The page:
WASHINGTON (Reuters) – President Donald Trump on Sunday slapped new travel restrictions on citizens from North Korea, Venezuela and Chad, expanding the list of countries covered by his original travel bans that have been derided by critics and challenged in court.
Iran, Libya, Syria, Yemen and Somalia were left on the list of affected countries in a new proclamation issued by the president. Restrictions on citizens from Sudan were lifted.
“Making America Safe is my number one priority. We will not admit those into our country we cannot safely vet,” Trump said in a tweet shortly after the proclamation was released.
Iraqi citizens will not be subject to travel prohibitions but will face enhanced scrutiny or vetting.
The current ban, enacted in March, was set to expire on Sunday evening.
The new restrictions, slated to take effect on Oct. 18, resulted from a review after Trump’s original travel bans sparked international outrage and legal challenges.
The addition of North Korea and Venezuela broadens the restrictions from the original, mostly Muslim-majority list.
“North Korea does not cooperate with the United States government in any respect and fails to satisfy all information-sharing requirements,” the proclamation said.
An administration official, briefing reporters on a conference call, acknowledged that the number of North Koreans now traveling to the United States was very low.
Trump received a set of policy recommendations on Friday from acting Secretary of Homeland Security Elaine Duke and was briefed on the matter by other administration officials, including Attorney General Jeff Sessions and Secretary of State Rex Tillerson, a White House aide said.
Earlier on Sunday, Trump told reporters about the ban: “The tougher, the better.”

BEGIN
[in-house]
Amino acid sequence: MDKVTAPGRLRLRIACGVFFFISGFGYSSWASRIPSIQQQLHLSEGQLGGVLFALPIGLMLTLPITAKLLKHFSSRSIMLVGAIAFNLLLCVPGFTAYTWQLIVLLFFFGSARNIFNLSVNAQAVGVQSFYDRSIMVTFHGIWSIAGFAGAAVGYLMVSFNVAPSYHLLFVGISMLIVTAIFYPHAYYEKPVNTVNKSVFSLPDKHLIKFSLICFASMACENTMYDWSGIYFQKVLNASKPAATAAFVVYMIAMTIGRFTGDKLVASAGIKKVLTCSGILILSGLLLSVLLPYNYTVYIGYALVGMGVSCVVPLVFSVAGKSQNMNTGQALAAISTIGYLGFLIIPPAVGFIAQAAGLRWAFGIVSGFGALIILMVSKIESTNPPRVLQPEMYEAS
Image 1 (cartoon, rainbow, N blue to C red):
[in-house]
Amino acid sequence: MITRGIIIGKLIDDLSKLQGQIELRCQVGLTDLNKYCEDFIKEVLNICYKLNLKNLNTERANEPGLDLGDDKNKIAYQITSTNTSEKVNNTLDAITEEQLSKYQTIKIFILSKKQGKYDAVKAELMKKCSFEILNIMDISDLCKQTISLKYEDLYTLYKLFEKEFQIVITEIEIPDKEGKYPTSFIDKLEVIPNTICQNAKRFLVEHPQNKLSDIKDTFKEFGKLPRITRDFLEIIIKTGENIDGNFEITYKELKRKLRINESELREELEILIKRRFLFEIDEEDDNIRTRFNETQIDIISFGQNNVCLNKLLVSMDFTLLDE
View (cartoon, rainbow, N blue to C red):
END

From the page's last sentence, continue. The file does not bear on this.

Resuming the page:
Rather than a total ban on entry to the United States, the proposed restrictions would differ by nation, based on cooperation with American security mandates, the threat the United States believes each country presents and other variables, officials said.
After the Sept. 15 bombing attack on a London train, Trump wrote on Twitter that the new ban “should be far larger, tougher and more specific – but stupidly, that would not be politically correct.”
The expiring ban blocked entry into the United States by people from the six countries for 90 days and locked out most aspiring refugees for 120 days to give Trump’s administration time to conduct a worldwide review of U.S. vetting procedures for foreign visitors.
Critics have accused the Republican president of discriminating against Muslims in violation of constitutional guarantees of religious liberty and equal protection under the law, breaking existing U.S. immigration law and stoking religious hatred.
Some federal courts blocked the ban, but the U.S. Supreme Court allowed it to take effect in June with some restrictions.
The Supreme Court will hear arguments on Oct. 10 on whether the current ban discriminates against Muslims in violation of the U.S. Constitution, as lower courts previously ruled.
Additional reporting by James Oliphant, Yeganeh Torbati, and Lawrence Hurley; Editing by Peter Cooney